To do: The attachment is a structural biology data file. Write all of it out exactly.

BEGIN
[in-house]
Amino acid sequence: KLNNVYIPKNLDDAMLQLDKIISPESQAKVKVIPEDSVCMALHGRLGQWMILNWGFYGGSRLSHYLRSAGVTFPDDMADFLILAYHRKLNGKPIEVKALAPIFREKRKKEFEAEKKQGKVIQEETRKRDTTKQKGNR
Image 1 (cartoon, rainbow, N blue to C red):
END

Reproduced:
[in-house]
Amino acid sequence: KLNNVYIPKNLDDAMLQLDKIISPESQAKVKVIPEDSVCMALHGRLGQWMILNWGFYGGSRLSHYLRSAGVTFPDDMADFLILAYHRKLNGKPIEVKALAPIFREKRKKEFEAEKKQGKVIQEETRKRDTTKQKGNR
Image 1 (cartoon, rainbow, N blue to C red):